Lights and shadows are very important for the resulting composition. How do you feel about this part of your creation?
It’s really important to understand lighting. In addition to having correct lighting, it can really enhance a piece to use lighting as a compositional tool for leading the viewer’s eye. An example of this is using pools of light to draw the viewers in to an important place in the image and throwing other places into shadow. You can come up with some really interesting and moody images this way.
Tim, tell me more about the process? From what you start?
Usually I will start with some sort of sketch or concept painting. I try and solve as many problems at this level as possible. I’ll be thinking about whether or not I’ll use 3D or if I’ll need to shoot reference.
How long do you work on a piece?
It really varies from piece to piece. A matte painting can take more then 40 hours and a concept paining might only take a few hours. It really depends on the complexity of the project.
What software or accessory do you use for your work?
My main software is Photoshop, Painter, XSI and After Effects.
What a computer (hardware) you have?
I currently uses a PC with a 2.8 MHz processor with 2GB of RAM. I use a Wacom Intuos 3 and have a 2 monitor set up.
Where are you working now?
For the past month I’ve been working with a company called Invisible Pictures. They specialize in matte painting and virtual environments for feature film. I’m really enjoying it there. The people are fantastic and the projects are really fun. For the past 3 weeks I’ve been painting destroyed cities! It’s probably too soon to name the movie that it is for. Stay tuned ;)
What of art book you like for reading?
Any books on the Hudson River School artists are fantastic but have proven difficult to find. There is one called America Sublime that I’m trying to get my hands on. I think Amazon may have it. The new d’Artist Matte Painting is a great book but I’m partial to it because my work is in it LOL. It really is a good book. I also just got The Skillful Huntsman from Design Studio Press. It’s a wonderful book. So inspiring!
What are the most valuable lessons you have learned about this industry over your career?
I have learned that having a positive attitude and a pleasant personality will take you a long way. Employers want some one who is skilled and dedicated but that is going to work well with a team. Having a good sense of humor and being able to roll with the punches in stressful situations is really beneficial. Networking is also very important. Everyone you meet in this industry could one day be your ticket into a job you want. Again this highlights how important it is to be good to people. Of course there are always those that will test your patience to its very limit LOL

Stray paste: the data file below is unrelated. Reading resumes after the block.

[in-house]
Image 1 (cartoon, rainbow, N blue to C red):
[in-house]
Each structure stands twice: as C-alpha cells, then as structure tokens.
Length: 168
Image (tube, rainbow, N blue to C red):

You also mentioned paying special attention to design. How does that contribute to your work?
As I mentioned before, good composition needs to be the first on the agenda. This is one component that will make or break a piece. It’s a challenge sometimes to get all the required elements in a shot and have it not look cluttered.
What about competitions? Will you take a part in any competitions as like run?
Running?!? Maybe for my bus LOL. I’ve just started mountain biking again and heard that there are races at a local ski hill. Who knows, maybe if I ever get my ass in gear and actually get in shape I might enter.
What your favorite web-sites on 2d graphics?
These are all really great sites and I go to the every day.
How do you spend your free time?
Sleeping LOL. No I watch a lot of movies and hang out with friends. Because I’m so busy these days I try and spend as much time with my wife Beth as possible. I also really enjoy play guitar but don’t do it as much as I would like.
And popular question, your plans for the future? Whom do you see yourself?
I’d like to travel a bit. It would be cool if my career took me to New Zealand (hint hint Peter Jackson). Also I’ve really wanted to visit the UK. I wouldn’t mind doing some time at some of the great studios there. And of course ILM is on everyone’s list.
Few words of advice for beginners in this industry which want to learn to create so beautiful things as yours?
Work hard and talk to as many artists as you can. Ask tons of questions. Don’t be discouraged, this does take a long time but it’s a fun ride and your break will come sooner then you think. There is a great online community of artist. That will be your greatest learning tool.
Thanks Tim for interesting conversation, was very pleasant!
You are very welcome. Thank you so much for your interest in my work!
3DM models creation